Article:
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CD – March 10, 2009 (SR112)
Courtney Fairchild and Stanley Recordings announce the release of 11 Chances. The record is an edgy sonic landscape with songs inspired by Courtney’s move from Dallas, TX to Philadelphia, PA and the relationships that were formed and ended as a result. The songs of 11 Chances were written for the most part in a friend’s guesthouse over the summer of 2008, and were at times fueled by copious amounts of bourbon and an illness that resulted in a high fever and bizarre dreams. The end result is a collection of songs that tell the universal story of the endings that need to happen in order to embark on new beginnings.
CD 2007 (SR109)
Quit, was written on the run – between Hawaii and Manhattan, Dallas and LA, between heartbreak and old friends. The beautiful new album takes the resolutely personal writing of her previous records and aims at a more universal target – the vagaries of relationships, the particulars of place, the blur of growing older and growing wiser.
CD 2003 (SR107)
Somehow, somewhere, between Philadelphia and San Francisco on her first national tour, Courtney Fairchild managed find a few short days to stop at home base and whip up a killer set list, pull her best friend along to take Polaroids of the whole thing, and record ‘Right Here’ her third album and first live record.
CD 2002 (SR104)
With smoky vocals reminiscent of Tracy Chapman and Everything But the Girl’s Tracy Thorn, Courtney holds court on stage with a presence far beyond her 20 years. Hailing from Dallas, the singer-songwriters latest album, ‘Long Way’ captures the bittersweet ache of a lover’s loss, the beauty of nature and the confusion of a young woman standing at the crossroads of life. ‘Rain on the asphalt, streets flooding with the essence of heaven, streetlights reflect off the water. Weaving red and green like a painting, like our lives.
Simple and Distorted
CD 2000 (CF8005)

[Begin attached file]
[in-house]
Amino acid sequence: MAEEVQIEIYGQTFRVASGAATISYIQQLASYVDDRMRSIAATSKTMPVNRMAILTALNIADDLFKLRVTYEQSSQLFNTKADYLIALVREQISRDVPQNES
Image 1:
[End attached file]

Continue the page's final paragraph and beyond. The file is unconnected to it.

The consistency of the CD is that it is a moving tale of words and wisdom with a bit of wit thrown in. You feel as though you are listening to a friend. And it reminds one of those long ago pre-Jewel days when the poems were not some much great tag lines as they were great stories. You get the feeling that there still just might be a place in the rock and roll bodega for a little acoustic quiet soulfulness. This doesn’t rock gently into the night with her dazzling level of momement from one song to the next.
I have been tasked with writing my biography…a new record – another publicity campaign – another jaunt across the country playing shows – another chance to reach your ears and, assuming a job well done, your heart. While I would love to thrill you with the grandiosity of my musical feats over my decade as a songwriter, I’m generally not the type to gloat about the glory of beer-soaked nights in smoky bars, seemingly endless road trips in cars that resemble
(in appearance and odor) rolling locker rooms, or detailed descriptions of couches and floors on which I have slept. Besides, in depth descriptions and discourse on all of these topics can be found in the biographies of my peers. I would hate to be repetitive, or worse, shatter your image of a working musician’s life.
Suffice it to say I have played my fair share of shows across the country in smoky bars, many of which bear legendary names and many of which do not. I have shared the stage and recorded songs in rooms with many of my heroes, most of whom would not incite the smallest glimmer of recognition were I to list their names, as well as a few whose names might potentially ring a bell in the recesses of your mind. You might have unknowingly heard a song or two of mine in the background while watching TV, assuming you’re into reality television. Ultimately, none of these things will accomplish the task of telling you who I am as a songwriter and musician. So, I digress and hereby abandon the aforementioned topics.
I came into the world in 1981 which has always seemed to be a bit of a cosmic joke. Had I been born twenty years earlier, you most likely would have run into me in Los Angeles in the ‘70s playing alongside songwriters who are “more my speed” than the vast majority of my contemporaries. I am a Texan born and raised in Dallas which has always been an odd fit. However, I spent the first twenty-four years of my life there, so it will always be my home and its influence over my character is abundant, even if it’s not always apparent in my accent or political leanings.
I have been a singer since I could open my mouth and utter a tune, a gift bestowed upon me by my mother who has always had a deep love and appreciation of music. At the age of fourteen I began writing, and like most kids my age, I had a fleeting love affair with the music of my youth. Combined, the two led to my rescue of the crappiest Yamaha guitar ever made from the depths of the hall closet. By seventeen, with the help of a fabulously patient guitar instructor, I began to write and perform my own songs. I befriended many local Dallas musicians, all of whom were at least a decade my senior. With their help, encouragement, and constant willingness to distract the bouncers at the doors of various clubs and bars while I snuck in, I became a regular performer at the haunts of Dallas’ finest songwriters and performers.